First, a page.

The Book of Revelation and Church Leadership, PVII

Revelation 1 17

Read Revelation 1: 17-20

“… When I saw him, I fell at his feet as though dead…” Revelation 1: 17

Why is it important that when we run our churches, we do so with God’s power and precepts leading us and not our ways or trends?

Read Revelation 1: 17-20. What do you see in this passage that you can apply to your church today? Consider, what should be the essential framework to build your church into a healthier church? And then compare it to what are you doing now and what was done in the past? 

We are shown a plan. Christ, with His full mercy and grace, allows John to stand, gives him comfort, and gives him the important task of recording His precepts. We are shown Who and What our Living Lord is and does. Then we respond by living it out, preaching it out and follow-through it all out. Take a look at verse 19, it is interesting; it may set a tone for the meaning of Revelation, not necessarily literally, but as imageries that have a meaning for a purpose that is for us now and will still be so in its culmination. 

In the Upper Room, John reclined with Jesus for His last Supper and leaned on Him to show his devotion and love (John 13:32). Now, he falls at his feet. Jesus shows John His love by helping him stand. The lesson for us is we must understand the importance of reverence. We come before a holy God. He is not just a pal or friend or guide to dispense feel good sound bites; rather, He is our Savior and our Lord (2 Cor. 5:16). He has the keys in His hand; we have no need to fear our future when He is our Light, Guide, and Lord!

This is Who we bow to, Who we proclaim, Who we teach about and inspire and equip our people too. 

The hair on his head was white like wool, as white as snow, and his eyes were like blazing fire.  

Let’s see what the Word has to say with these key words:

Fell at his feet” is an attitude and posture of great respect and awe. This can also mean the terror that was felt until the Angel touched and relieved them (Gen. 15:12; Deut. 3:2; Josh. 8:1; Jer. 1:8; Ezek. 1:28; 11:13; Dan. 8:18; 10:10; John 6:35; Rev. 4:10; 5:8; 7:11; 19:10; 22:8).

I am the First and the Last” is the same as the Alpha and Omega in verse eight. Christ is eternal and fully God in all areas, attributes, power, character, and sovereignty (Isa. 44:6; 48:12; Rev. 2:8; 22:13).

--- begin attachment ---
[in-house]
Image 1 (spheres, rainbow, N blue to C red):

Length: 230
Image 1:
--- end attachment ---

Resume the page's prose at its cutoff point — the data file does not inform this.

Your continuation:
Living One” refers to the resurrection and the triumphant Christ as the living God who gives us life, and then new life, renewal, and reason, and how He will renew the entire world. This is a contrast to paganism and the “gods” of wood and metal who are lifeless, careless, petty, and meaningless; our God is living and involved (Jos. 3:10; Psalm 42:2; 84:2; Isa. 41:4; 44:6; 48:12; Rev. 2:8; 5:9; 20:4-5; 22:1-2).

Keys of death and Hades” indicates that Christ is in absolute control over all domains and also points to His future role. Hades is the general realm of the dead; thus, Christ’s power is all encompassing. Keys were a symbol of power and influence. The one who held the keys was the authority and the one in control. It is very encouraging to those who are facing death to know that Christ is there and in control, and can open those gates at any time, including at the last days (Psalm 9:13; Isa. 22:21-22; Matt. 16:18; Acts 2:27-31; Rev. 20:14).

What is now and what will take place later” indicates past, present, and future, and refers to what is in Revelation references. It is for the present and future as well as rooted in the past, but not completed as of this writing. This can also refer to Revelation being divided into three parts: past in chapter 1:12-16, present in chapters 2-3, and future in chapters 4-22. However, each section contains content of all three “then, now, and later,” and does not necessarily refer to the entire structure of the Revelation (John 19:35).

The mystery,” this does not mean something not understandable or hidden; rather, it is something known to God that He reveals to us in His good time. We cannot guess what we do not know; however, Christ does know. Here, John plainly tells us the meaning, just as Jesus did with the parable of the sower (1 Cor. 2:7; 2 Thess. 2:7).

Angels,” meaning “messengers,” can mean people used by God to convey His message, such as pastors, or heavenly beings who live and work in Heaven. We are to realize our place and position to be holding on to Christ. The context seems to indicate the latter. Or, it can mean the significance of the churches in Heaven, that they are spiritual entities. This can also mean the prevailing characterization of the theme and “spirit” of each church or a “guardian angel.” In all practicality, it could refer to the seven different messengers John is sending with copies of his Epistle (Dan. 10:10-21; Matt. 18: 10; Luke 7:24; 9:52; Rev. 1:11; 10:1; 22:6). 

So what does this come down to? An indicator to see what is the condition of your church?

Is He properly reverenced and referenced, taught about and honored, or is He just a self-help guide?

Does Jesus control your church or do you or others think they do? How is your light shining before others?

Our Light is Christ and we are called to show Him in our lives and in our Church! How can you do this better?

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